Share on Facebook Tweet on Twitter From the Orange County Public Information OfficeOrange County Accepting Proposals through August 5thfor its Annual Outdoor Sculpture ExhibitionArtists are invited to submit work for the fourth annual Sculpture on the Lawn exhibition, an outdoor display featured at the entrance to the Orange County Administration Center (201 S. Rosalind Ave.) in the heart of downtown Orlando, Florida, where the works are visible to approximately 10,000 people daily.Sculpture on the Lawn is open to experienced professional sculptors as well as students and emerging artists who specialize in the design, construction, and installation of outdoor sculptures. Up to four sculptures will be selected for display from October 2018 to September 2019. One of the sculptures will be selected from a student or emerging artist, if suitable.New this year: The theme of “Diversitastic!” has been added to this year’s exhibition. We welcome large-scale sculptures that celebrate diversity in our communities and the interweaving of different backgrounds, cultures, and religions.The “Diversitastic!” theme supports the inaugural FusionFest (fusionfest.org), November 24 and 25, 2018, a free, two-day celebration in downtown Orlando, supported by Orange County Government.Deadline: Applications, resumes, images and other materials must be submitted electronically by midnight, Sunday, August 5, 2018, to www.callforentry.org.Selection Criteria: The three main considerations are creativity, site appropriateness, and durability.Artist Responsibilities: Selected artists must transport the artwork to the site on the specified date and install it with minimal assistance, then remove the artwork after the exhibition.Sites and Safety: While artistic quality is very important, works will be reviewed for durability, safety, and appropriateness to the site. Artworks must be structurally sound and able to withstand an outdoor environment in a largely unsupervised area that is not protected from weather or curious viewers. Orlando has a subtropical climate that is hot and humid with intense sun and seasonal heavy rains and hurricane-force winds. Avoiding potential problems such as deteriorating rust and fading should be considered.Installation: Orange County provides 12-by-12-foot concrete pads. Sculptures must be firmly secured to the pads.Selection Panel: Members of the Orange County Arts & Cultural Affairs Public Art Review Board will make the selections.Honorarium: Each artist will be awarded $3,500 as a fee for the annual loan of his or her artwork and to help offset any necessary transportation, installation and housing costs. No other compensation will be provided. A payment of $3,000 will be made upon installation and $500 will be paid upon removal.Insurance: Orange County will insure the artwork up to its stated value or $50,000, whichever is less, for theft or major vandalism. The artist will be responsible for any repairs needed due to fabrication defects or reasonable wear and tear of the object in a public location.Size: There is a 6-foot minimum height preference. The sky is the limit for the maximum height.Sales: Sales of the works will be encouraged and promoted. Any sales inquiries will be forwarded to the artist or designated agent. No commission will be charged. Sculptures must remain on site until September 2019.Applications: Orange County Arts & Cultural Affairs uses CaFÉ for its public art selection process. The full application can be found at www.callforentry.org. There is no charge for artists to register with CaFÉ or submit an application.Important notes: Make sure to indicate if you are a student or emerging artist.Images of finished works or conceptual drawings can be submitted. If it is not a finished work, artists need to provide information to assure the Selection Panel of what it will look like and that it will be completed and installed as designed.Timeline:Proposals due: August 5, 2018, midnightNotification of acceptance: August 10, 2018Installation timeframe: October 1 to 12, 2018Sculpture on the Lawn Opening Celebration:October 19, 2018, 5:30-7:30 p.m.Sculpture removal: October 1 to 11, 2019Email questions to: [email protected] Or call 407-836-5540.Orange County Government strives to serve its citizens and guests with integrity, honesty, fairness, and professionalism. Located in Central Florida, Orange County includes 13 municipalities and is home to world famous theme parks, the nation’s second largest convention center, and a thriving life science research park. Seven elected members make up the Board of County Commissioners including the Mayor who is elected countywide. For more information please visit www.OCFL.net or go to the Orange County Facebook and Twitter pages. Please enter your comment! Please enter your name here Florida gas prices jump 12 cents; most expensive since 2014 Save my name, email, and website in this browser for the next time I comment. LEAVE A REPLY Cancel reply TAGSOrange CountySculpture on the Lawn Previous articleThis just in: Controlled burn today at Kelly ParkNext articleA “Beary” Good Program for Orange County Denise Connell RELATED ARTICLESMORE FROM AUTHOR Gov. 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Twitter ORMC Logo Red 2016 By admin – January 31, 2018 Home Local News ORMC sets job fair Fruit Salad to Die ForHawaiian Roll Ham SlidersVirgin Coco MojitoPowered By 10 Sec Croissant Breakfast Sandwich Casserole NextStay Facebook Pinterest WhatsApp WhatsApp ECISD undergoing ‘equity audit’ Twitter 2021 SCHOOL HONORS: Permian High School Previous articleBOYS SOCCER: Permian’s comeback falls short against Lubbock CoronadoNext articleGUEST VIEW: The flu bug — Don’t touch porn stars, celebrities or politicians admin RELATED ARTICLESMORE FROM AUTHOR Pinterest Facebook Local News ORMC sets job fair OC employee of the year always learning Odessa Regional Medical CenterOdessa Regional Medical Center has scheduled a job fair from 7 a.m. to 7 p.m. Thursday at ORMC, 515 N. Adams Ave.Job seekers are invited to stop by to learn about current openings. Human Resource managers will conduct on-site interviews with qualified candidates for open positions. Select positions may be eligible for a sign-on bonus.For more information, call 432-582-8705.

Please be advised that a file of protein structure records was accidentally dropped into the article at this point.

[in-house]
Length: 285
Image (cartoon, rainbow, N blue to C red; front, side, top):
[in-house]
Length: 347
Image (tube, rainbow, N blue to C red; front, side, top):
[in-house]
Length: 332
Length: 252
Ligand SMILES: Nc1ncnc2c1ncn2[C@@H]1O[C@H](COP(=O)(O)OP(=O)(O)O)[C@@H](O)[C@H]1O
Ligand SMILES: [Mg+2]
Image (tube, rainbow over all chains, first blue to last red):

Hoosiers are paying high prices and facing severe shortages for propane. One gallon now costs about $3.90.According to data released by the U.S. Energy Information Administration, the prices are down 12 cents over the week but up about $1.59 compared to this time last year.State Representative Randy Frye (R-Greensburg) said the shortage is attributed to a variety of reasons including a successful harvest where farmers used propane to dry grain, a colder winter than expected and also propane exports.“Those are the three factors that I believe are leading to us not having enough propane in our area,” Frye explained. “I actually believe there is enough propane, it is just not here. We need to get it transported here and it takes time.”Customers whose tanks are running low and unable to find a supplier can call 800-382-5516 for help.Senator Joe Donnelly (D-Ind.) is asking President Obama for assistance.
Published on February 2, 2020 at 8:18 pm Contact Skyler: [email protected] | @skylerriveraa Facebook Twitter Google+ They passed around spicy thai chili and cool ranch Doritos in a small green tent. Kyle Maiorana, Justin Stock, Gabe Khan and Anthony “Tricky” Tricarico were outside of the Carrier Dome’s Gate E on Friday night. They had secured a first-place spot for the Otto’s Army campout.A wait that had started the night before ended in guaranteed first-row seats for the Duke men’s basketball game on Saturday. Otto’s Army set a slew of obstacles for campers to tackle in order to be awarded their prized seats. The first step: check-in at the women’s basketball game Thursday night.The four freshmen at SU joined approximately 40 other students in what has become an annual campout before the Duke game. The temperatures hovered around the 20s and spots in line were threatened if campers missed a check-in, but four hours prior to tip-off in Syracuse’s 97-88 loss to Duke, the group filed into the Dome.“This is our biggest event of the year,” said Jonathan Danilich, a member of the Otto’s Army executive board. “We work really hard for it.”Maiorana, Stock, Khan and Tricarico, the self-proclaimed “Cool Kids,” grabbed dinner at Sadler Dining Hall on Thursday before their days-long wait. They arrived outside of the Dome at 6 p.m., and wrote their names at the top of Otto’s Army’s list. It was resilience that earned them first place for the campout, but that didn’t come without competition. When the temperature neared the 20s they debated waiting inside an ESF building, but their gut told them no. Others had already started to arrive.AdvertisementThis is placeholder text“Five minutes later and we would’ve been second,” Khan said.Skyler Rivera | Contributing WriterTwenty-four hours later, the group set up their small green tent, provided by Khan’s mom, in front of the Barnes Center at the Arch. They were handed laminated orange cards labeled 004, representing their spot in line, first among students — the opening three spots were reserved for the Otto’s Army executive board.Inside the tent, an air mattress covered in a striped sheet lay beside a lantern and multiple Coca-Cola bottles. With 26 hours until tip-off, the group passed time by playing poker with an electronic-chip app. Their RA from Shaw Hall, Mario Garcia, sat on a folding chair outside the tent as Dorito crumbs fell on the mattress, the same one all four squeezed onto later that night.Khan and Tricarico are Syracuse natives, born and raised Orange fans. Maiorana and Stock are Ohio natives but befriended the other boys and quickly became SU fans. The group, all freshman engineering majors, laughed about their first-year dorm shenanigans and discussed plans for Super Bowl Sunday.One hour into the campout, Otto’s Army leaders called for a roll call and campers filed out of their tents to check-in. If campers missed a check-in, they’d lose their spot in line.More arrived over time, and by 10 p.m. Friday, there were around ten tents pitched and over 40 campers. Country music blasted from one tent, Syracuse flags flew from another, and an hour-long cornhole game commenced. Meanwhile, the “Cool Kids” continued their poker game.Campers and casual fanatics could continue to check in with Otto’s Army until 10 a.m. on Saturday. At noon, Maiorana, Stock, Khan and Tricarico packed up their green tent and headed back to Shaw to clean up for the game. At 3:30 p.m., they met at Gate F to check-in for the final time, a reward for their nearly two days of hard work.“It’s all about the experience,” Tricarico said. “It’s about doing stuff you usually can’t do.”As the clock struck 4 p.m., the campout groups were ushered into the Dome and the “Cool Kids” led the pack. They claimed their hard-earned front row seats and settled in for pregame warmups.The Syracuse-Duke game’s announced crowd of 31,458 people was the largest on-campus crowd this season, and the boys from the green tent had some of the best seats. During the game, they won an in-stadium prize — all four boys won $30 Carrabba’s Italian Grill gift cards for a random seat-of-the-game.It wasn’t about the gift cards or even the game’s outcome. It was about the experience. Comments